Yet Vladeck insists that, because the special counsel is controlled by the Justice Department, there is more room for protecting Mueller from firing rather than less.

"I find this public conversation so frustrating. Two things would have to be true for this to be unconstitutional: First, the Supreme Court would have to overrule Morrison and then go past Morrison and rule in the other direction," Vladeck told Vox.

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If anything, the problem with the bill proposed by the bipartisan coalition of senators is that it won't go far enough to protect Mueller.

"[Good cause] is almost an unreviewable standard. It would be very difficult for a court to review that kind of language. It’s unlikely that this legislation would materially increase protections for Mueller," Jonathan Turley, a professor at George Washington University Law School, told Vox.

He added, "The special counsel is the creation of the attorney general or his designated subordinate; as such, the argument could be that any limitations intrude upon executive authority."

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Regardless of whether Congress has the right to limit Trump's ability to fire Mueller, one thing is clear — it's nonsensical to argue that there is no risk that he could be fired. As Jonathan Chait noted in New York Magazine, the notion that Trump won't fire Mueller has become so hard to substantiate using the facts of the matter that it has become outright absurd:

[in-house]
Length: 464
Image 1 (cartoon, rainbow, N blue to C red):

McConnell argues, as he has in the past, that such a bill is “unnecessary” because there is “no indication” Trump would fire the special counsel. Of course there are many indications. Innumerable news reports have described Trump raging about Mueller and demanding his firing. Trump actually ordered the firing of Mueller in June, and again in December, and has begun attacking Mueller publicly, as well as attacking the Department of Justice official who oversees and has approved his investigation, both privately and publicly. Trump has also previously fired the FBI director, with whom he closely associates Mueller.

Other than that, there aren’t any indications. But the only indications McConnell will accept as valid will apparently be the actual firing of Mueller, at which point it will be too late to do anything, and McConnell will urge the country to trust Trump’s new attorney general, Sean Hannity, or whoever.

Recent polls strongly suggest that firing Mueller would be politically disastrous for Trump. The good news for the president is that the attacks by him and GOP partisans against the special counsel seem to be working, with 32 percent of Americans having a favorable opinion of Mueller, 30 percent having an unfavorable opinion and 38 percent saying they don't know enough to have an opinion, according to a poll by NPR/PBS NewsHour/Marist. Those numbers are predictably split along partisan lines, with Democrats being the most favorably disposed toward Mueller while Republicans are unfavorably disposed toward him and independents are more mixed. Yet despite the controversy over Mueller himself, 56 percent of Republicans believe Mueller should be allowed to finish his investigation, along with 65 percent of all adults polled.


Matthew Rozsa

Matthew Rozsa is a staff writer for Salon. He holds an MA in History from Rutgers University-Newark and is ABD in his PhD program in History at Lehigh University. His work has appeared in Mic, Quartz and MSNBC.

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Donald Trump Mitch Mcconnell Robert Mueller